First, I can't help but notice the irony that ParkIndy said it would cost too much to install technology to sync the kiosks so they all reported the same time left for the same spot. ( As a result, people were getting tickets when they shouldn't have.) Yet they managed to have the money to install technology so they could make more money by double billing spots.
Yes, double billing. I don't know why ParkIndy, again, ACS, has the right to recover bill twice for the same time at the same spot. An article by legal scholar Jonathan Turley sums up my doubts about the practice.
Santa Monica, California is introducing new technology to end the practice of drivers using minutes remaining on parking meters from the prior cars. New meters use internet connections and sensors buried in the asphalt to wipe out remaining time once a car leaves the parking space. It seems a bit unfair. The city was paid to rent the space and I think I should be allowed to hand over my time to another citizen — after all I paid for the rental and could remain in the spot for the full duration.
I have often thought it bizarre that some cities threaten citizens with tickets if they add money to meters for cars of other citizens to prevent ticketing. I have heard such stories and I fail to understand the legal basis for such a citation.
This new technology is based on the premise that the rental space is specifically tied to the vehicle However, I view it as tied to the space. When I rent a hotel room, I do so for a period of time and can presumably allow another person to use it as long as I do not exceed occupancy rules. Likewise, if I buy a movie ticket, it is for one set for the duration of the movie. I can give the ticket to another person to take my seat. Why should a parking meter be different?
...I agree. Thank God we only have 48 more years left on this idiotic contract..
Paul, That's was a given with this smart meter technology. The city will tell you that other drivers were freeloading off the time left on the meter by the previous driver. We discussed that at the time when they were also expanding the number of hours the metered spots operated. The people who issue the tickets are provided incentives to write more tickets. The more tickets they write, the more they are paid. That's why Ballard vetoed the ordinance that would have barred the operator from issuing more than one $20 ticket to a driver on a single day for the same offense. People are getting 3 or 4 $20 tickets for the same expired metered space.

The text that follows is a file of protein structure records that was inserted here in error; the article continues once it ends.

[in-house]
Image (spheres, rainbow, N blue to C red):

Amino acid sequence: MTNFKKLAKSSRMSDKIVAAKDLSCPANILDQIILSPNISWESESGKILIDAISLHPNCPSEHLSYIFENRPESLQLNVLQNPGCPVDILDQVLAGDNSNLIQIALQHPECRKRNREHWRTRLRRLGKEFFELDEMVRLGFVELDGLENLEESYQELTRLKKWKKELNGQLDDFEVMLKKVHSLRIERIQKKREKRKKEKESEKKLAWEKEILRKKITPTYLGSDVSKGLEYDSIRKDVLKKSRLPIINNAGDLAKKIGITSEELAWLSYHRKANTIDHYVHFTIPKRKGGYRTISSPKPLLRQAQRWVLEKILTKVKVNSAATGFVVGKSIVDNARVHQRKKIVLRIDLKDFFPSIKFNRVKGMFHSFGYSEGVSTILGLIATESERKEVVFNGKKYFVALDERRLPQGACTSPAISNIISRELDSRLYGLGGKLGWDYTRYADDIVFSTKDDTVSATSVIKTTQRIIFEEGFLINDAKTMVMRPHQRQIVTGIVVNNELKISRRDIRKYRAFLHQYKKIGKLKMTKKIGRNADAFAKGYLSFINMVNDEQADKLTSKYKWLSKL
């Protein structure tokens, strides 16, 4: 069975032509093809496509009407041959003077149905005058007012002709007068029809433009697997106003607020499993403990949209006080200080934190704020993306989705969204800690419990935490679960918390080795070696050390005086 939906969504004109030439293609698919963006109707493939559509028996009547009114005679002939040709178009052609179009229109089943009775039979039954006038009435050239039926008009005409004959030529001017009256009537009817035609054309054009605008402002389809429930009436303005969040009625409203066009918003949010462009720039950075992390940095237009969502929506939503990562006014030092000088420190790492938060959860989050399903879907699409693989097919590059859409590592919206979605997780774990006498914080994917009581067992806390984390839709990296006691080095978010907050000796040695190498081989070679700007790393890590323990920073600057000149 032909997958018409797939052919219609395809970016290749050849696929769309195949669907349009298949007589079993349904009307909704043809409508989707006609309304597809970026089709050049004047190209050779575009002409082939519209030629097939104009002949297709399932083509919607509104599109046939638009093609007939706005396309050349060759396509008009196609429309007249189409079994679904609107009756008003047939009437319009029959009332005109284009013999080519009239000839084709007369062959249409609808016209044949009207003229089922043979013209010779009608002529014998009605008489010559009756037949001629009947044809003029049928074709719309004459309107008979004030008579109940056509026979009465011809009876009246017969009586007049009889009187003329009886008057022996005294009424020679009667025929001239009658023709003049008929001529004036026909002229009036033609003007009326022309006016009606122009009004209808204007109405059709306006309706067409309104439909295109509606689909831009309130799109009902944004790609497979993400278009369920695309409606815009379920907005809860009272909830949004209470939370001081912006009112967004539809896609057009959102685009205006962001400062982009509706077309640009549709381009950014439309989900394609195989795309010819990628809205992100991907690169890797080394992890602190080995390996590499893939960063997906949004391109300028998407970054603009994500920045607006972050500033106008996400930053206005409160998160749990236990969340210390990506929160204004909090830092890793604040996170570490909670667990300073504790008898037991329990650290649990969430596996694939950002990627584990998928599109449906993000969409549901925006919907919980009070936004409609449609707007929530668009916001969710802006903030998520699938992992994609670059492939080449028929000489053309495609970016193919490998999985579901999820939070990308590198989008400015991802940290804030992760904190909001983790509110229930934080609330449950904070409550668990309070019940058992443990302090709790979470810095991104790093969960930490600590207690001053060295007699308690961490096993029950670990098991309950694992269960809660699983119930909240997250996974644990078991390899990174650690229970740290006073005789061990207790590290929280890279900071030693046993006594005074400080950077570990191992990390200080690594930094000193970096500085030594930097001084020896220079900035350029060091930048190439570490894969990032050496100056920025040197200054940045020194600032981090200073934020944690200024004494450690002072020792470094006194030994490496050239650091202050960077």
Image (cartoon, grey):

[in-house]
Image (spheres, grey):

I guess I am still confused: Taxpayers paid to pave the streets one way or another. However, now the public has to pay to park on that street and pay to a company that did not contribute a half penny to paving it.
I remember it coming up.
I totally agree with Turley. Those people aren't "freeloading" off the city. The spot has been rented for a period of time. Why should the City, actually ACS, get the benefit of overlapping rent for the same spot.
The principle is similar to landlord-tenant. A tenant moves out early, and someone else moves in, the landlord isn't to get paid twice by the old renter and the new one.
Also, note that ParkIndy gets paid for 100% of the available time when a space is taken out of service, even if that space is only used part of the time when it is available.
As you know.. I am one of the most vocal opponents of this sour deal the Republicans got this city locked into for 50 years, but I do want to interject here.
My understanding is that the sensors are not related to the time or the payments of each spot. They are related to another mobile app program called Parker. Its an app that helps drivers find open spots without having to circle around and around. The sensors relay back to another sensor on the light post above the spots. When you log on the the Parker app, it will tell you if there are less than 2 (which could mean zero) or more.. There is a delay as well so its not very accurate. All in all, I never use the app because it rarely gives good info. All in all, the sensor idea was a nice try but its not worth what it cost, whatever that cost was.
In this deal, the one thing I can say I was always a fan of, was the modernization and the use of other technology to make maneuvering the parking system easier.
Having said that, and as has been said over and over again.. the city didn't need to sell off the parking assets for half a century, we could have done our own modernization and kept all the revenue here locally.
The contract will probably be 'renegotiated' in 10 years after ACS 'proves' it's losing money on the deal.
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